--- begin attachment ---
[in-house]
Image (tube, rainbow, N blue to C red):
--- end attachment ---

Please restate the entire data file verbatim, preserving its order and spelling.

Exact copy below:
[in-house]
Image (tube, rainbow, N blue to C red):